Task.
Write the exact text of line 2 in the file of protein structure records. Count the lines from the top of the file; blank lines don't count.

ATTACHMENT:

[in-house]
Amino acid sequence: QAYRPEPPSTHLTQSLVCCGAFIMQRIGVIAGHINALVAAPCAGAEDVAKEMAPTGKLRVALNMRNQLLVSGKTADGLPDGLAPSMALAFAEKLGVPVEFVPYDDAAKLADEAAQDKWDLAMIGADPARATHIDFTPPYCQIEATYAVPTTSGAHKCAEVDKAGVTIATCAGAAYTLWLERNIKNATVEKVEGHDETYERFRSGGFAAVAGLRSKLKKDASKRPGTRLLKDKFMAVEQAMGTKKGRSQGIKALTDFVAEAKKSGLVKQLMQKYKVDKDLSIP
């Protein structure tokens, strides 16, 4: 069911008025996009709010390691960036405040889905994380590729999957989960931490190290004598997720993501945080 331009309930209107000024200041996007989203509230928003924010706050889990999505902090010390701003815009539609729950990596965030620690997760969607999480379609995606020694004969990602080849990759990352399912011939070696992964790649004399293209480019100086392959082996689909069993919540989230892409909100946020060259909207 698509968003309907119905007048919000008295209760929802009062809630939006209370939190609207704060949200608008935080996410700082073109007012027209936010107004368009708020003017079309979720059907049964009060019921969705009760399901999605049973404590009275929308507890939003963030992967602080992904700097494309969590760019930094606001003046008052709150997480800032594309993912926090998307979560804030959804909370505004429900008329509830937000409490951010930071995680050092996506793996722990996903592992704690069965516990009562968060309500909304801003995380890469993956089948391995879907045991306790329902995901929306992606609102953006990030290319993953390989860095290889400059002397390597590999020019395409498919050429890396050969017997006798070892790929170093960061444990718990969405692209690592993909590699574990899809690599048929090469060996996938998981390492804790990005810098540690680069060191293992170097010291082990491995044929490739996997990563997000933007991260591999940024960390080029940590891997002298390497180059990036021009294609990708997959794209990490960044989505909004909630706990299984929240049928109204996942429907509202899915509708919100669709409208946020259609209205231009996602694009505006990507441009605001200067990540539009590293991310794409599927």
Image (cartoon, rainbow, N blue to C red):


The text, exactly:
Amino acid sequence: QAYRPEPPSTHLTQSLVCCGAFIMQRIGVIAGHINALVAAPCAGAEDVAKEMAPTGKLRVALNMRNQLLVSGKTADGLPDGLAPSMALAFAEKLGVPVEFVPYDDAAKLADEAAQDKWDLAMIGADPARATHIDFTPPYCQIEATYAVPTTSGAHKCAEVDKAGVTIATCAGAAYTLWLERNIKNATVEKVEGHDETYERFRSGGFAAVAGLRSKLKKDASKRPGTRLLKDKFMAVEQAMGTKKGRSQGIKALTDFVAEAKKSGLVKQLMQKYKVDKDLSIP